Does the idea seem plausible that a metal can be lighter than water? Well, try dropping your gold or iron ring in a glass full of water and watch it mockingly settle in the bottom after a few seconds. Will you then trust a ship that’s made entirely with this
‘light’ metal, which on closer inspection looks perforated very much like a block of cheese? While you might seriously think about jumping into another vessel, the US Army Research Laboratory apparently knew what they were doing.
Creator of the super strong, super light “floating metal”, Nikhil Gupta is a researcher at the Polytechnic Institute of New York University, which he joined in 2004. Now, the army has not only invested USD $75,000 (approximately `48 lakh) in Nikhil’s research that he has worked on for five long years, but this is the first time anybody has succeeded in making a composite that is so light that it can float and be used as a building material.
“We have a cooperative working agreement with the Army Research Laboratory, which implies that we work with them closely on developing materials and technologies of their interest,” says Nikhil, who moved to the US in 1999 for his PhD. The “floating metal” is a magnesium-alloy syntactic foam, which means it’s a “composite material comprising metal matrix filled with hollow particles called microballoons” — these hollow particles are the fillers that make the metal light.
Gupta’s metal is 44 per cent stronger than similar foam using aluminum and can withstand 25,000 pounds per square inch of pressure. “I have been working with polymer-based syntactic foams for 15 years. But polymers cannot withstand high temperatures and cannot be used in making engines or exhaust components. Therefore, my interest shifted to metal matrix syntactic foams. Making components lightweight saves pollution emissions during their transport and usage, so environmental benefits are a major driving force for me for this research,” he says.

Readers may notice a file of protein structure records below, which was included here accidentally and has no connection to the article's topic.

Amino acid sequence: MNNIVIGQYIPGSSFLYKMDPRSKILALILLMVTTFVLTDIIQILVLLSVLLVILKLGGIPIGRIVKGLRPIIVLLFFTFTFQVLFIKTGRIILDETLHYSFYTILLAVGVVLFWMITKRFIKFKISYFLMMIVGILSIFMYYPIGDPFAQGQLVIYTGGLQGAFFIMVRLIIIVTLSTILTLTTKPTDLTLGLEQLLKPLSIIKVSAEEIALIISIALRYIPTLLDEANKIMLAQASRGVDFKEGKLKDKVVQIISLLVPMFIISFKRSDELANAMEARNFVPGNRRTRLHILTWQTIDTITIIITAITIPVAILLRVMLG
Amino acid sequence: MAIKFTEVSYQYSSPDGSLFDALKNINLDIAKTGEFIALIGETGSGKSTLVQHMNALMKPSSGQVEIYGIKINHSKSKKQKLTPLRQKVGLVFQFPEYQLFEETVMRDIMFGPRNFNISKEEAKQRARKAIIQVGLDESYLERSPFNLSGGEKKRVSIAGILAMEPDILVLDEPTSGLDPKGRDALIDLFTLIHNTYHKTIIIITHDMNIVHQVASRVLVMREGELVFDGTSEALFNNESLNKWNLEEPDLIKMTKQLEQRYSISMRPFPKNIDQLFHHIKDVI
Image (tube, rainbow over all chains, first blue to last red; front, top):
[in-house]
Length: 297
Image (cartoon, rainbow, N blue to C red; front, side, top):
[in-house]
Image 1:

Explaining how the ‘floating metal’ will help the army in its operations, Nikhil says, “Reducing the weight of army vehicles means longer and better equipped missions. It also helps in reducing vehicle wear and tear and saves on maintenance cost. Through another ongoing project with the US Navy, we are planning to transition this technology for possible implementation in ships. We tested the material under very high speed loading conditions such as high speed car crashes and blasts.”
The discovery, which came to the fore earlier in May, has caught the manufacturers’ fancy. But despite the sudden fame, Gupta is level-headed and credits his family who stood by him. And even though Nikhil has been staying in New York for over 10 years, he does visit his family back home frequently.
“It is said in NY that you need to live here for 10 years to be a New Yorker, so in that sense I can claim to be a New Yorker! The only thing to miss here is close family.
“My father retired as professor of Physics at the University of Rajasthan. So there was an academic-oriented environment at home and the academic profession felt like a natural choice for me. My wife is also an engineer, she works for IBM on hardware development. Our daughter will turn three this year. The work is very hectic because apart from teaching and research, I am also involved with technology transfer to industry and start-up companies. But strong support from my wife makes it possible for me to spend time in research,” says Nikhil, who was a lecturer at Punjab Engineering College (PEC), Chandigarh, before he moved to the United States.